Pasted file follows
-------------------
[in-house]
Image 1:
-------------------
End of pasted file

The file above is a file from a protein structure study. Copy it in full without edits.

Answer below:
[in-house]
Image 1: